Will I Earn Elite Miles If I Ditch My Last Flight Segment?
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TPG reader Sarung sent me a message on Facebook to ask about earning elite-qualifying miles:
“I capitalized on the recent Santiago deal Delta was running and got a ticket for $400. My routing is LGA-ATL-SCL-ATL-LGA, but I may need to break my journey on the return in ATL and forfeit the final ATL-LGA leg. If I do that, will I lose out on elite miles for the entire trip?”
Delta introduced its revenue-based program at the beginning of 2015, changing how frequent flyers earn redeemable SkyMiles and eliminating the potential to earn a windfall on a long, inexpensive flight. However, Medallion Qualification Miles (MQMs) are still generally calculated based on the actual distance flown. That means an itinerary like the one Sarung scored (which covers almost 11,000 miles in the air) presents a great opportunity to boost your Medallion status.
Sarung is worried that he may need to ditch his flight back to New York and wants to know whether that will forfeit the MQMs earned on the earlier portion of his trip. Fortunately, there’s no cause for concern. While you probably won’t earn miles for any flights you skip, Delta awards elite credits after each individual leg of your trip (though they may not appear in your account immediately). In this case, you should earn credit for the two outbound flights plus the return flight from Santiago to Atlanta. You’ll only lose the 750 or so miles for that last flight from Atlanta to LaGuardia.
Not all airlines are as generous in this respect. For example, Southwest states explicitly that Rapid Rewards members will not earn points for tickets that are only partly completed. Other airlines (including Delta) might withhold rewards (or worse) if they suspect you’re ditching a flight leg to get a better fare — a strategy known as hidden city ticketing. I think that’s highly unlikely in Sarung’s case, but it’s worth noting.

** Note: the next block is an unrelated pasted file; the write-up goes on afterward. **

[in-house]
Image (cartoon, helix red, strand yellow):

Of course, this wouldn’t work if you missed the first leg of such a trip (for example, if you found some other way to get to Atlanta). In that case, the remainder of your itinerary would be canceled and you wouldn’t be able to board the flight to Santiago without paying a change fee before the first flight departs (and likely a huge fare increase).
Sarung’s example also works because the flight he intends to ditch comes after an international arrival. He’ll have to claim checked bags in Atlanta before passing through customs and immigration, so he doesn’t have to worry about them continuing on to New York without him. If you’re skipping the last leg of a domestic flight, you’ll need to account for your baggage.
For more info on earning Delta SkyMiles and Medallion elite status, check out these posts:
- How to Earn Delta Medallion Elite Status Without Flying
- Will Delta MQMs Roll Over to the Following Year?
- Winners and Losers from Delta SkyMiles Program Changes
- Buy MQMs to Earn Delta Medallion Status for 2016
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